Nature Blog Network

Thursday, October 4, 2007

New Fossil Crustacean Pushes Back Arthropod Origins

Blogging on Peer-Reviewed Research
Finding any new fossil is rare. Finding invertebrate fossils is even rarer due to the squishy nature of most invertebrates. They just do not preserve well over time. Sometimes the wandering paleontologist, who must look very carefully under a field scope through dust and debris, can find parts of squishy invertebrates like scolodonts (polychaete jaws), coral rubble, carbonate shell cement, or maybe sea star or sponge spicules. On even rarer conditions, this careful wandering paleontologist may find imprints of the outlines of squishy invertebrates that have no hard parts, none whatsoever.

China has been an amazing hot spot for fossils in recent years. Entire ecosystems have been preserved. Careful, wandering paleontologists are able to move beyond describing the random individual to describing how some dinosaurs formed nests, embryonic fossils still in the egg, biometric trends in populations of fossil fish or molluscs, interspecific interactions and just about anything else. The Chinese paleontologists have been prolific, publishing widely on their discoveries, inviting western paleontologists on digs and getting the Chinese people and government serious about their fossil wealth. They do have a problem with fossil poachers, but the rate of discovery remains high and stiffer penalties are becoming more commonplace.
"Reconstruction of Y. dianensis on the basis of a larval stage with eight thoracomeres (developmental stage 4). The head limbs are drawn in median view and the trunk limbs in lateral view."-Zhang et al. 2007

Zhang et al. 2007 present a new find of a crustacean with some interesting morphology and even more interesting implications. Yicaris dianensis (above drawing) new species, is named for both the people, the Yi, and the place the fossils originated from, Dian. The suffix 'caris' refers to something that is a crustacean and the suffix 'ensis' refers to being from a place. What is remarkable to me is that 6 successional developmental stages are represented in pre-Cambrian strata. This is close to the hypothesized origin of the Arthropoda, specifically the Crustacea. So this form should theoretically be the closest ontologically to the earliest Crustacea.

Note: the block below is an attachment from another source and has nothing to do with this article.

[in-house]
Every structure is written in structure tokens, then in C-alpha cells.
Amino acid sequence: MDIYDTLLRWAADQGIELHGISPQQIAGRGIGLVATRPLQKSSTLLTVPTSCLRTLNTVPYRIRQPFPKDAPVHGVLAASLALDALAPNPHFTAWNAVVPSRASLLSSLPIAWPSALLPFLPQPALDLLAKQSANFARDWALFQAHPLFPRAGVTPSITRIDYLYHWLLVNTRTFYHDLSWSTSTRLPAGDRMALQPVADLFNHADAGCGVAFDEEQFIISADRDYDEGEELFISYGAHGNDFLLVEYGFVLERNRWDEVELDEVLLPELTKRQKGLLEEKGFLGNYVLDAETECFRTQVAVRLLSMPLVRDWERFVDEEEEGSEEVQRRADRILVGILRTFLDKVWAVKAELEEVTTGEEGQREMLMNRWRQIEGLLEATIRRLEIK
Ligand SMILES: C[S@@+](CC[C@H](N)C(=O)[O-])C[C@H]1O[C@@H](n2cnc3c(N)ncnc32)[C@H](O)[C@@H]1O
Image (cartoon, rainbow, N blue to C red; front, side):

"With such ontogeny data and having the age of the fossil as a time marker, it is possible to more precisely include ontogenetic evolutionary pathways in the reconstruction of relationships and ground patterns of stem species and monophyla. According to our analysis, Y. dianensis represents the first undoubted eucrustacean known from the Lower Cambrian (the single previously described Lower Cambrian putative eucrustacean species lacks eucrustacean characters) and can serve as a substantial tool for testing relevant character acquisition and phylogenetic hypotheses. This is of particular importance because crustacean phylogeny has gained new interest by recent studies using neurobiological, developmental, biological and molecular investigations."
Y. dianensis shares many features in common with modern day branchiopods and cephalocarids of which I won't go into detail. Some of the similarities are in the mouthparts and other structures involved in food uptake or feeding. The interesting character for this crustacean is called the epipod, or "above-foot", which are lobe-shaped osmoregulatory or respiratory outgrowths on the external limb bases of various Eucrustaceans (SEM below). This structure is derived from setae and many of the Eucrustacea ("true" Crustacea) still bear at least one epipod on some of its appendages. Some authors even believe insect wings are derived from epipods (here and here).

"Fragment of trunk (holotype; developmental stage 6); lateral view"-Zhang et al. 2007; ep=epipod

This all comes home to pushing back the time of arthropod origins as stated by Zhang et al.
Its stratigraphical position provides substantial support to the proposition that the main cladogenic event that gave rise to the Arthropoda was before the Cambrian
It was found in the Orsten layer, which is rich in Phosphatocopina, the sister group to Eucrustacea characterized by a phosphotatized cuticle. By using Lyell's principle of Uniformitarianism, we can assume that since the characters represented in Y. dianensis are present in the Lower Cambrian, Its ancestors possessed some or all of its characters. Hence arthropod origins are likely pre-Cambrian.


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